I came home from taking my son to school this morning, and after crying my eyes out and collecting my thoughts, it seemed the best way to handle this is to write about it.
There are certain people you meet, in passing that simply radiate light. Beatrice Davis is one such person.
She is one of the crossing guards I have seen in passing for years. I smile and say 'Hi Ms. B.", every time I see her, and she waves and smiles back 'Hey baby!" I first met her at my son's elementary/middle school, which I pass now on the way to his high school. Ms. B gave a lot of the kids small teddy bears when they graduated from middle school to wish them well. My son was one of them. He would always talk about Ms. B, and say how nice she was. All of the kids love Ms. B.
On any given day when she is there and after she has helped them cross the street safely, you can see kids and parents giving her a hug or friendly wave. She is the only crossing guard people react to in this way. Ms. B will tell you that after being there for 30 years, she has seen the little ones grow up in front of her eyes. She has told me, the children grow up and come back to me and say, "Do you remember me? I'm married with kids now!" She is truly unforgettable.
Older, black, lovable and always greeting everyone with a smile. Parents, just like me, roll their windows down to say "Hi Ms. B". She's always reminded me of the Esther Rolle character on the 70's hit series 'Good Times'. Ms. B is the type of woman that by her presence, just makes you feel good inside. She is a reminder of the type of humanity that we all hope still exists; an old fashioned, good spirited love for thy neighbor type of person.
I pulled over to talk to her this morning, because I hadn't seen her for a while. As it turns out, she had taken some time off from work because her only son had been murdered.
My heart dropped. She explained that it had been one of those senseless acts of violence. A gunman ran into the store aiming for his target, who had just walked into the store. Ms. B's son, who was there in the store waiting to pay for his juice, stepped to shield the lady standing in line before him as the bullets were flying. The lady survived. This was the man Ms. B raised, always looking out for other people. He saved a strangers life.
Ms. B said she figures God was ready for her son to be in heaven. She went on to say that he was such a wonderful young man, working and in college. He'd never been in trouble, never involved with any bad people, always had a smile. As I stood there, mother to mother - my heart just ached. "My heart has a hole that will never be filled, he was my only son" she said.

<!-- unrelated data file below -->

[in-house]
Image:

Ms B. expressed this without the slightest hint of bitterness. There are people we encounter who gripe and complain over trivial matters. They could learn a lot from Ms. B.
Having one son myself, and with an undeniable sense of worry that all mothers of young black males feel, standing there speaking with Ms. B, and hugging her, I walked away feeling quite small. I don't want this violence to exist. These senseless acts of violence more often than not come upon young black men. Sure, people of all ethnicities are victims of violence everyday, but black on black crime, with young black males is all too common.
The people who commit these acts have no regard for human life, and if I had a magic wand, it's something I would erase. Perhaps it sounds simplistic to say such a thing, but it's how I feel right now. No parent should face this.
I just couldn't believe hearing that this nightmare could befall such a wonderful woman like Ms. B. She's the type of woman that should win the lottery and be set for life, or win an all expenses paid trip to Hawaii, or receive a makeover, a trip to a luxury spa resort or any number of good things, not this.
Her son John was buried, and leaves behind a 3 year old son. Ms. B. says he looks just like his father, and now says 'Daddy has gone to heaven to protect me". My heart sank further.
Ms. B was still radiating light this morning, in this dark time. She expressed experiencing good and bad days, and feeling she had to forgive the person who murdered her son - not wanting to let her pain and anger become a cancer. She's thinking now of how she and her husband can help their grandson.
The police worked diligently and have the murderer in custody, but as she says it won't bring her son back.
I want to do something for Ms.B. but I feel ill equipped. It's incredibly sad that a woman who gives so much love and good energy has had this happen. I know bad things happen to good people, and it's not for us to understand why, but I still wonder: Why?
If you would like to help me help Ms. B in some way, let me know.